The Good Friday Agreement has provided the “toolbox” to achieve a united Ireland without risking a return to violence, Mary Lou McDonald has said.
Throughout much of 2021, unrest has resurfaced in Northern Ireland amid loyalist opposition to the Protocol which saw riots across the region, buses hijacked and burned out, and threats of violence against southern politicians, including Leo Varadkar.
However, the Sinn Fein leader has dismissed suggestions that a bid for Irish unity would spark an even stronger reaction from loyalism.
She said: “You’ve asked me about violence, and you’re saying, can we navigate this space or is it naïve to imagine that we can do all of this in a peaceful manner?
“I’m saying to you, no, it’s not. Absolutely not.
“In fact, we’re so lucky as a generation that we have the toolbox to actually do precisely that.
“We have the guide, we have the map, we have the compass in the Good Friday Agreement.
“That’s why it’s so important that people like me, and people across Irish Republicanism and nationalism, but also in unionism and loyalism, are very clear that whatever our views or whatever our desired outcome, that the only way forward is democratic, peaceful and orderly.
“I am firm in that view. I’m saying that as the leader of Sinn Fein and I would like to hear others – our unionist colleagues, our loyalist colleagues – reiterating that and echoing that so that everybody is in a shared space in respect of that issue.”
In March this year, four days of riots broke out in Waterside, Derry, before the disturbances spread to south Belfast – in particular at the Peace Wall pressure point of Lanark Way – as well as Carrickfergus and Newtownabbey.
Loyalist protests broke down into full-scale riots, with iron bars, masonry and petrol bombs thrown at the police, cars hijacked and burnt out, which in turn sparked counter-demonstrations by nationalists, and police resorted to the use of riot vans and water cannons.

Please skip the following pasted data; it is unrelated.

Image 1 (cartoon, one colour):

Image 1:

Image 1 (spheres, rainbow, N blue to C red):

Speaking to the PA News Agency, Ms McDonald said: “Whatever people’s views on the protocol, on the constitutional question, on reunification, or retaining the union, whatever your perspective, that’s fine.
“We have the democratic architecture and process for all of those views to be heard.
“There is no reason, there is no excuse, there is no basis for violent actions by anyone.”
She added: “I have to say this also, the unrest that we saw around the protocol was advanced by a small group of people.
“It is not representative of the views of people across society.
“There is no appetite in my view, at all, in any section of society, bar a tiny minority, for violence or unrest or burning buses.”
She said elements of the Good Friday Agreement, such as human rights provisions and the rights to citizenship and identity, should be retained in a united Ireland.
Ms McDonald has called for a citizen’s assembly on a border poll to take place as soon as possible.
If the current Government will not provide one, it will be the first order of business should Sinn Fein triumph at the next election.
While she insists that “everything will be on the table” in the debate, any olive branch to unionism will not extend as far as having God Save the Queen as an anthem in a new Ireland.
“That doesn’t work for me, I have to tell you,” she laughs.
“Like I say, somebody who wants to make that argument can make it. But you’re not going to hear it from me. No, I don’t think that’s a good idea at all.”